Yesterday, a friend shared the story of a recent road trip visiting several of the states with no personal income tax. He and his wife had visited Park City, Utah, Jackson Hole, Wyoming and a few other places. I seem to have a conversation like this on a weekly basis. It’s anecdotal, but it shows the scary story of the migration of many people who are leaving California. People are voting with their feet. The Daily Caller addresses this concern in the piece below. So, let’s review a number of the frightening reasons.
This month, Joshua Rauh and Ryan J. Shyu authored a paper titled, “Behavioral Responses to State Income Taxation of High Earners: Evidence from California.” Joshua Rauh is a Professor of Finance at the Stanford Graduate School of Business, a Senior Fellow at the Hoover Institution and a Research Associate at the National Bureau of Economic Research, for which he co-wrote the report. He has also addressed Public Pension Liabilities, something that you know scares me, for Prager University (see https://youtu.be/Vdmk-wCqDlE). Ryan J. Shyu is affiliated with the Stanford Graduate School of Business.
What did they discover?
First, over and above baseline rates of taxpayer departure from California, an additional 0.8% of the California residential tax filing base whose 2012 income would have been in the new top tax bracket moved out from full-year residency of California in 2013, mostly to states with zero income tax.
Second, among top-bracket California taxpayers, outward migration and behavioral responses by stayers together eroded 45.2% of the windfall tax revenues from the reform.
The first observation is just a small crack in the dike, since an out-migration by less than 1 percent of the state’s top 1 percent is not alarming, but, it could be the start of a trend.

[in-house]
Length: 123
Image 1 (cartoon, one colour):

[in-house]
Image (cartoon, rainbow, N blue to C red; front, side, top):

With the Federal Tax Cuts and Jobs Act of 2017, the ability to deduct state and local taxes (SALT) has literally become a Halloween trick. Income tax rates may have been lowered, but limiting SALT deductions to $10,000 has an impact on the residents of states with high income tax rates. Californians paying the top state personal income tax rate of 13.3% are probably paying a marginal tax rate closer to 23% just for this state, which is why one member in the 1 percent club was recently spooked out of California and moved to Florida (see MOORLACH UPDATE — Millionaires and Billionaires — July 17, 2018).
The Proposition 30 income tax increase in 2012 resulted in additional tax revenues being about half of what its proponents had anticipated. Now that is a serious crack in the dike. How much more damage has Proposition 55 in 2016, extending the personal income tax increase, caused? Tax increases are not static. Taxpayers change their behaviors. When Connecticut increased its tax rate on its 100 top taxpayers, their overall taxes decreased by 50% the next year (2016)! While that is scary, it’s predictable.
The Yelp Economic Average released recently showed that national growth is up 0.07 percent. Not bad, considering the bantering with China. However, California’s major cities are experiencing declines in strength. Of the 50 Golden State cities Yelp covers, Bay Area metropolises like San Jose and San Francisco are eerily ranked 50th and 49th, respectively, while San Diego is in 46th place and Los Angeles is in 42nd. The Capital City is in 34th place.
Other states see the cracks in California’s dike. And why not? Can you imagine a state so focused on electrifying everything, expending incredible sums on renewable energy sources, when hydro and nuclear are available but excluded from the calculation formulas, and not taking the time to upgrade infrastructure to transport the electricity? In the zeal to address climate change, California has created more greenhouse gases than it has reduced thanks to electrical lines being a causation of terrifying wildfires. That’s what Sacramento mandates that are not well thought out, combined with poor long-term planning, will do.
On blue states being mismanaged, if you’re not scared enough, check out MOORLACH UPDATE — California’s and Group 7’s Fiscal Health — September 30, 2019. The bottom 10 states, on a per capita basis of their unrestricted net deficits, are blue states, with one exception, Kentucky. Kentucky turned red the same night Donald Trump was elected President of the U.S., after 95 years of control by the Democratic Party. Its Republican legislature has its work cut out for them in repairing Kentucky’s massive dike leaks.